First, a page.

Most accurate/touches: Starostzik (89.25 per cent), Rogers Thompson (86.99), Trafford (86.73), David Edgar (86.1), Lukas MacNaughton (85.92)
Least accurate: Peter Schaale (68.52 per cent), Yohan Le Bourhis (69.71), Dean Northover (69.92), Zela Langwa (70.00), Andre Bona (70.04)
Team with best defensive foursome: Pacific, with Starostzik (89.25 per cent), MacNaughton (85.92), Emile Legault (84.3), and Blake Smith (80.65). Add Kadin Chung (77.9) to the mix, and you’ll have Pacific’s natural starting lineup, though Chung outranks fellow fullbacks Bona, Ramon Soria, Martin Arguinarena, Jeannot Esua, Langwa, and Nathan Mavila in pass accuracy, regardless.
So, these are the numbers. What can we read from them? In looking at goals conceded in 2019, Pacific FC’s backline may be effective on the front-foot, but with 38 goals against, the Islanders have conceded the second-most goals in 2019. Cavalry’s Trafford ranks top when averaging out the median for pass completion, pass accuracy, and passes forward, making him the best “ball-playing centre back” out of a backline in the league.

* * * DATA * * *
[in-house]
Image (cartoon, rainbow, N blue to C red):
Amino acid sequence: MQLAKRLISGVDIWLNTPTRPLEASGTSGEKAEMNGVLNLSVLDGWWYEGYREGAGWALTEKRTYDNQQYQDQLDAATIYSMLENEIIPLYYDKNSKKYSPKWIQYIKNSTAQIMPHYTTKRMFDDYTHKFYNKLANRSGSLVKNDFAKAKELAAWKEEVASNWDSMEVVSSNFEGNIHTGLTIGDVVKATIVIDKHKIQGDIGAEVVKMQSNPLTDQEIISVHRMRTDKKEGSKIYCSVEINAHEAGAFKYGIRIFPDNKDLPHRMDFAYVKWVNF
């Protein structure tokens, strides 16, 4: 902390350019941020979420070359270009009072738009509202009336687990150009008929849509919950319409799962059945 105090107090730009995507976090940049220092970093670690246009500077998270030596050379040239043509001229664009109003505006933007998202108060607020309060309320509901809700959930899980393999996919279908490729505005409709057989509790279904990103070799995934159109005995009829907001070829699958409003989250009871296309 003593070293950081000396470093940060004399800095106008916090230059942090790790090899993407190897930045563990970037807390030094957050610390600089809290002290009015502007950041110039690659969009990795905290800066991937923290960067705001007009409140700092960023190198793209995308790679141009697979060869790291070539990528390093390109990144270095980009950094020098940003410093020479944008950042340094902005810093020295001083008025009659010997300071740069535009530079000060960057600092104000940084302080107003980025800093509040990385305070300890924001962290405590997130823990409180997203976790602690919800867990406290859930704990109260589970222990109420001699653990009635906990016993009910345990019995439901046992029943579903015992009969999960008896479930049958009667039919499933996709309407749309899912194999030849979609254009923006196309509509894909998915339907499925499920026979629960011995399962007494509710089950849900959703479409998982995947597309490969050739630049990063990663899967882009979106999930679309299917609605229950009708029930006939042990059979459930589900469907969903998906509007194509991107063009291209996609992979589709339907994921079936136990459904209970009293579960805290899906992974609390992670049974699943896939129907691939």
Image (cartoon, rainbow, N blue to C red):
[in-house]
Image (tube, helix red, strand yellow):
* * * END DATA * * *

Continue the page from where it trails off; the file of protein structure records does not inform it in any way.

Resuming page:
Schaale’s league-low 68.52 per cent accuracy wasn’t necessarily indicative of a major flaw in his game, either; HFX rank dead-middle with 30 goals conceded in 2019. But, with Langwa and Bona on either end of Schaale’s backline also ranking among the five least effective passers, there’s a pretty clear case to be made that the Wanderers need to do a much better job of building out of the back – though this may also be a symptom of the amount of pressure HFX absorbs, making it difficult for either fullback to really get a grasp of the match on the attacking front.